Case's big worry the day the terminal debuted was there wouldn't be enough visitors to consume the Costco-donated cake for 200 people.

"The cake was gone in 17 minutes and we had a couple thousand people in the terminal," he recalled. "The acceptance and support by the community made it a golden day."

Commercial travel hit its stride in 2001, setting annual records for six straight years. The airport was poised to blow by the half-million passenger mark when 9/11 struck.

"That was a tough deal, and it changed aviation forever," Case said. "It's a tough deal, even to this day."

Although he works for a county agency at a county airport and is surrounded by the likes of Federal Aviation Administration and Transportation Security Administration personnel, he admittedly prefers community over agencies.

"Bureaucracy is a challenge," he said. "When somebody says you can't do it, it makes me want to do it even more. We've looked for solutions."

Other challenges included launching an in-house telephone company to the fuel crisis and Great Recession.

When United pulled its Boeing 737s from the market in 2003, it was disappointing on a number of fronts, but as Case would say, the lemons were turned into chiffon pie.

"It was a bit of a hit for us. We pivoted from big planes to talking about six flights to San Francisco instead of three, and we emphasized the itinerary and the positive we could."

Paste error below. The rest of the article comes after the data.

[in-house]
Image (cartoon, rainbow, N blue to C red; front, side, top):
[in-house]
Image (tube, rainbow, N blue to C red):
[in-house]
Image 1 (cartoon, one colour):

While the size and quality of aircraft have improved, total annual operations — takeoffs and landings — have declined to about 40,000 from 50,000.

"General aviation is important to us," Case said. "Part of the FAA's funding calculations for whether they pay for a tower are based on operations. So I'm thrilled every time I see a flight instructor with a new guy doing touch-and-gos."

Case hoped to get a hotel on airport property, but couldn't get the wheels to turn fast enough and Courtyard by Marriott beat him to the punch. He also wanted to build a service station and convenience store to capitalize on rental car returns.

"I think that would still would go," he said.

Case's fascination for aviation stemmed from observing his dad's work with Lockheed as a kid, but he wound up as a mortician in Utah.

"I wrote a book on how to save money on funerals, it got published, and I got fired," Case said. "I needed a job."

It was summer 1978 and Salt Lake City airport needed an operations officer, which rolled up police, safety and runway inspections into one job.

"I had seen the movie "Airport," and thought Burt Lancaster (as airport GM) had a really good part," Case said. "Based on my military experience and some junior college classes I had taken in law enforcement, they hired me."

Earlier this year, Southern Oregon Regional Economic Development Inc. honored Case with its Inspiration Award.

“Bern inspires us because he’s very pro economic development,” SOREDI Executive Director Colleen Padilla said last summer. “He has done a fabulous job over the years to make us a better air travel destination."

When someone once told Case it will no longer be his airport after he retires,  he objected: "Oh, yes it will, it's the airport for anybody who flies out of here. I'll always feel some ownership."

— Reach reporter Greg Stiles at 541-776-4463 or Follow him on Twitter at or